Monday, May 18, 2015

Education not the panacea for all economic problems

Whenever league tables are announced, cue the current OECD table, outrageous claims are made linking education to economic health and growth. Yet the evidence that education, in particular Higher Education, is the key driver of economic growth is dubious. The often unquestioned claim is that GDP and other measures of productivity and economic growth will rise with absolute certainty, if only we invested more in education. This view is extolled largely by educationalists, not economists.
Harvard’s Lant Prichart, formerly of the World Bank, did the data crunching and in a now famous article ‘Where has all the education gone?’ found little evidence between education and higher economic growth. Cambridge economist, Ha-Jon Chang refutes the idea that  ‘more education in itself is not going to make a country richer’ and there are plenty of counter examples.
So let’s look at the top eight performers in the latest OECD list; Singapore, Hong Kong, South Korea, Japan, Taiwan, Finland, Estonia, Switzerland – there’s some interesting evidence on these.
Taiwan (5) had an appalling literacy rate in 1960 at 54%, much lower than the Philippines at 72%. South Korea (3) had a literacy rate of 71%, much lower than many countries that failed to deliver economic growth, such as Argentina and most of the Eastern block. Education was not the primary driver behind the Asian economic miracle. It was much more complicated, based on entrepreneurship, the development of manufacturing processes, culturally compliant labour forces and Government policies supporting the development of small and large businesses. It is more likely that increased educational performance, which is far more recent than the economic miracles, are a product of growth, rather than the primary driver.
China is a fascinating example of a high growth economy, which can hardly claim to have been driven by education, as almost everything was closed down or destroyed in the cultural revolution and subsequent growth largely down to political reform, government planning and the encouragement of entrepreneurial activity.
The US is (28) but is the strongest economy in the world, fed by a thirst from entrepreneurialism and innovation. It always seems to pop up somewhere in the middle of these tables. But should they worry? I think not.
Another interesting case is Switzerland, in there at number 8.  It is a high performing economy, with major companies and good productivity, yet that grew at a time when Switzerland had one of the lowest Higher Education enrolment rates in the world. Until 1996 it had half the enrolment of the OECD average (16% to OECD average of 34%). It has risen since but is still way lower than many other European countries.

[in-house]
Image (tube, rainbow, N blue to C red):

Let’s put aside the fact that Estonia (8) has just been identified as the worst performing economy in the Eurozone, in recession. Finland (7) is also going through a period of severe economic trouble, as its paper market collapsed (internet the cause) at the same time as it’s powerhouse company Nokia and the Russian economy, its largest trading partner, tanked.
Conversely, Greece has a huge rate of enrolment in Higher Education but is a bankrupt country where the banks and government coffers are all but empty and economic growth that most economists agree, will never be enough to pay the national debt. Italy, Portugal and Spain have similar issues. Youth and graduate unemployment have soared in line with increased enrolment in Higher Education.
Way down the bottom are Qatar and Saudi Arabia. These are strange beasts that buck the trend. The children of nationals in these countries receive a very expensive education yet problems remain with quality and motivation. In Qatar, a country I know well, the issue is not education but the malaise of excessive wealth that saps the aspiration of young people.
For nearly 25 years the literacy rate of Sub-Saharan African countries rose, in some cases spectacularly, yet income in the region fell by 0.3%. Some African countries, like Ethiopia, have been on a building spree, with universities sprouting like weeds. Yet this has led to economic strains, difficulties in maintaining quality of students and teachers, as well as a lack of clear evidence for increased prosperity. I’m in Addis Ababa next week arguing that what Africa needs, is not more Universities, but more vocational learning, embedded in the local economies.
Note that this is not an attack on education as a social good. Education is clearly not just about economic prosperity and many argue, rightly, that education has a much wider role than economic growth. What it looks at  is the claims that it also inexorably linked to economic growth.
Education wants its cake, wants to eat it and wants to claim that it made the cake as well. But there is a dangerous illusion here. I heard it described well by the President of Namibia in 2013, who called it the ‘spectre of hallucination’, the idea that more is always good and that more schooling, more participation in Higher Education, is always good. He thought this was as sure a sign as any that something has gone wrong. He’s right. This is the language of booms and bubbles. In some countries, the US and my own, the UK, the student debt problem may be approaching that of the housing bubble.
Pritchett L. (2001) Where has all the education gone?  The World Bank Economic Review, vol. 13 no. 3.

Ha-Jon Chang (2010) 23 Things they don’t tell you about capitalism. Penguin.

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